Sonia Kruger was the first significant celebrity (unless you put Pauline Hanson in this category) to suggest that perhaps we should stop Islamic immigration, at least temporarily, until the terrorism issue is settled.
Now an Essential Poll says 49% of Australians agree. The proportions between the parties are 60% amongst coalition voters, 40% amongst Labor voters, and what the Australian calls a “surprising” 34% amongst Greens voters.
So Sonia was being everywoman, and was excoriated for it by many of her peers, with only a handful standing-up for her right to hold that opinion.
I wondered if she would survive, and thought she was actually pretty brave to put such a point of view.
It seems now that Sonia was more in tune with the nation than all the highly paid commentators interpreting the world to us.
No one should have been surprised at this poll result. In landmark research in this area our think tank, the Australian Institute for Progress, found large proportions of the population who said Islamic immigration was a bad thing. Here is the relevant table:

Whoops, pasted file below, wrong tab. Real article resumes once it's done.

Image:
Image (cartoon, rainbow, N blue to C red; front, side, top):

The only surprise in the Essential poll really is that the ALP and Greens voters are now more concerned than they were, but concern was always there.
No doubt this poll will be met by condemnation of Australia and we will be told that not all Muslims are terrorists.
But none of this 49% thinks they are. They just think that if even if a couple of percent of them might become radicalised, it is not a smart idea to be allowing any of them into the country.
We apply the same types of policies to our borders when it comes to quarantine, so it oughtn’t to be too difficult an idea for the mass of self-selecting public intellectuals to get their head around.
If people are looking for other reasons why so many are concerned about Islamic immigration then they might read our report.
We look at motivations and find a variety, including the idea that Islam is at war with the west, its treatment of gays and women (particularly motivating for Greens voters), failure to assimilate in Australia, their religion, and the culture in some Islamic countries (as distinct from Islam itself).
Australia has been sleep walking into a crisis with too many putting their fingers in their ears and saying “lalala” while refusing to listen to many of their countrymen and women, or give them any credence for having a defensible point of view.
Sonia Kruger may mark the inflexion point when this became no longer possible, and if not her statement, then perhaps the inflexion point will be this Essential poll.